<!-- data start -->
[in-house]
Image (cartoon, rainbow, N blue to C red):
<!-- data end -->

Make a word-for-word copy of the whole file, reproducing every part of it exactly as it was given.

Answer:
[in-house]
Image (cartoon, rainbow, N blue to C red):